... In rendering the proof for the unsolvability of the halting problem one normally does not distinguish infinite state programs from finite state ones. As an example, let us consider a popular variant of such a proof, as it was givenb yC hristopher Stracheyi n 1965 [13], which is also used in [11]. Strachey'sp roof is by contradiction. ...

With the steady increase in computational power of general purposecomputers, our ability to analyze routine software artifacts is also steadilyincreasing. As aresult, we are witnessing a shift in emphasis from the verificationof abstract hand-built models of code, towards the direct verification ofimplementation levelcode. This change in emphasis poses a newset of challengesin software verification. Weexplore some of them in this paper.

... In The Emperor's New Mind [80] and especially in Shadows of the Mind [81], the eminent physicist, Roger Penrose, contends that human reasoning cannot be captured by a mechanical device because humans detect nontermination of programs in cases where digital machines cannot [82]. Penrose thus adapts the similar argumentation of Lucas [83], which was based on Gödel's incompleteness results. ...

By providing quantifier-free axioms systems, without any form of induction, for a slight variation of Euclid’s proof and for the Goldbach proof for the existence of infinitely many primes, we highlight the fact that there are two distinct and very likely incompatible concepts of infiniteness that are part of the theorems proved. One of them is the concept of cofinality, the other is the concept of equinumerosity with the universe.

... In rendering the proof for the unsolvability of the halting problem one normally does not distinguish infinite state programs from finite state ones. As an example, let us consider a popular variant of such a proof, as it was givenb yC hristopher Stracheyi n 1965 [13], which is also used in [11]. Strachey'sp roof is by contradiction. ...

With the steady increase in computational power of general purpose computers, our ability to analyze routine software artifacts is also steadily increasing. As aresult, we are witnessing a shift in emphasis from the verification of abstract hand-built models of code, towards the direct verification of implementation levelcode. This change in emphasis poses a newset of challenges in software verification. Weexplore some of them in this paper.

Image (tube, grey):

... Technically he did not, but termination's undecidability is an easy consequence of the result that is proved. A simple proof can be found in [36]. build useful tools. ...

We suggest two simple additions to packages that use wellfounded recursion to justify termination of recursive programs: - The contraction condition, to be proved in cases when termination conditions are di#cult or impossible to extract automatically; - user-supplied inductive invariants in cases of nested recursion.

... procedure compute_g(i): // (Wikipedia:Halting Problem) if f(i, i) == 0 then // adapted from (Strachey, C 1965) return 0 // originally written in CPL else // ancestor of the BCPL, B and C loop forever // programming languages This problem is overcome on the basis that a simulating halt decider would abort the simulation of its input before ever returning any value to this input. It aborts the simulation of its input on the basis that its input specifies what is essentially infinite recursion (infinitely nested simulation) to any simulating halt decider. ...

The halting theorem counter-examples present infinitely nested simulation (non-halting) behavior to every simulating halt decider. The pathological self-reference of the conventional halting problem proof counter-examples is overcome. The halt status of these examples is correctly determined. A simulating halt decider remains in pure simulation mode until after it determines that its input will never reach its final state. This eliminates the conventional feedback loop where the behavior of the halt decider effects the behavior of its input.

... // Simplified Linz(1990) Ĥ andStrachey(1965) ...

The halting theorem counter-examples present infinitely nested simulation (non-halting) behavior to every simulating halt decider. Whenever the pure simulation of the input to simulating halt decider H(x,y) never stops running unless H aborts its simulation H correctly aborts this simulation and returns 0 for not halting.

Most software developers today rely on only a small number of techniques to check their code for defects: peer review, code walkthroughs, and testing. Despite a rich literature on these subjects, the results often leave much to be desired. The current software testing process consumes a significant fraction of the overall resources in industrial software development, yet it cannot promise zero-defect code. There is reason to hope that the process can be improved. A range of tools and techniques has become available in the last few years that can asses the quality of code with considerably more rigor than before, and often also with more ease. Many of the new tools can be understood as applications of automata theory, and can readily be combined with logic model checking techniques.

A significant part of the call processing software for Lucent's new PathStar access server [FSW98] was checked with automated formal verification techniques. The verification system we built for this purpose, named FeaVer, maintains a database of feature requirements which is accessible via a web browser. Via the browser the user can invoke verification runs. The verifications are performed by the system with the help of a standard logic model checker that runs in the background, invisibly to the user. Requirement violations are reported as C execution traces and stored in the database for user perusal and correction. The main strength of the system is in the detection of undesired feature interactions at an early stage of systems design, the type of problem that is notoriously difficult to detect with traditional testing techniques.